BRIDGEPORT, W.Va. — A city ordinance covering the posting of temporary political signs is unconstitutional because it places a "burden" on residents' rights to free speech, a federal judge has ruled.
Chief U.S. District Judge Irene M. Keeley's ruling stems from a lawsuit filed by Bridgeport resident Daniel McFadden over two ordinances governing the placement of temporary and political signs within city limits.
One ordinance required special permits before signs could be posted. Keeley dismissed that portion of McFadden's lawsuit, saying the issue was moot because the city has since modified the law to remove the requirement.
The second ordinance says temporary and political signs may only be posted 30 days before an event or election. The signs must be removed within 48 hours after the event or election.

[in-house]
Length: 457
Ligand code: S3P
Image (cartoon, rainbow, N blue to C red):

The restriction on political signs is an "impermissible content-based regulation of speech in violation of the First Amendment," according to the ruling, which orders the city not to enforce the ordinance.
"That burden is content-based because it applies to those signs based on what they say," Keeley wrote. "Moveover, because Bridgeport's interests in aesthetics and traffic safety are not compelling, and temporal restrictions are not the least restrictive alternatives available to achieve those interests (the ordinance) does not survive strict scrutiny."
McFadden sued the city in October 2004 challenging the restrictions. The city never took any action to make McFadden remove two hand-painted political signs supporting Democratic presidential candidate John Kerry. The signs were erected in McFadden's yard in September 2004, the ruling noted.
Keeley's ruling on March 20 delayed a decision on McFadden's request that he be granted costs and legal fees for bringing the action.